Aug. 1 (Bloomberg) -- Mortgage rates in the U.S. rose for the first time in three weeks, resuming an upward climb that has begun to affect home sales.
The average rate for a 30-year fixed mortgage increased to 4.39 percent in the week ended today from 4.31 percent, McLean, Virginia-based Freddie Mac said in a statement. The average 15-year rate rose to 3.43 from 3.39 percent.
Mortgage rates for 30-year loans jumped to the highest level in two years last month on speculation that the Federal Reserve may begin to scale back its bond purchases. Rising rates are “a correcting force on the market” that will push more sellers to list their properties before buyer demand dwindles, according to Tim Ellis, an analyst at Seattle-based Redfin Corp., an online real estate brokerage.
Buyers competing for a small supply of homes have been pushing up prices at a pace that’s “just not sustainable” in certain markets, he said yesterday in a telephone interview. “As interest rates go up, a lot of sellers who were waiting are going to rush to put their homes on the market. So you’re going to see inventory climb and climb.”
Almost half of U.S. home sellers are concerned that interest rates will reduce demand for their properties, according to a July 19-21 survey by Redfin. That’s up from the second quarter, when 23 percent of the website’s users said they were concerned about rising rates.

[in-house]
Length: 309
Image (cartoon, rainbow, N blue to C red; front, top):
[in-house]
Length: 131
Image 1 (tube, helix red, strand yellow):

In a sign that buyers are starting to hold back, contracts to purchase previously owned U.S. homes slipped 0.4 percent in June after climbing in May to the highest level since December 2006, the National Association of Realtors reported this week.
D.R. Horton Inc., the biggest U.S. homebuilder by revenue, said rising mortgage rates contributed to increased cancellations and a dropoff in traffic in June. Potential buyers were “a little bit shocked and disturbed” that rates had jumped so much after hovering near record lows the previous month, Donald Tomnitz, chief executive officer of the Fort Worth, Texas-based company, said last week on a conference call with investors.
The Mortgage Bankers Association’s index of home-loan applications fell for a seventh straight week in the period through July 26. The refinancing measure dropped 3.8 percent and the purchase gauge declined 3.8 percent to the lowest level since February, the Washington-based trade group said yesterday.
The 30-year average has climbed from a near-record low of 3.35 percent in early May. It’s still below the average of about 5.3 percent for the past 10 years, according to data compiled by Bloomberg.
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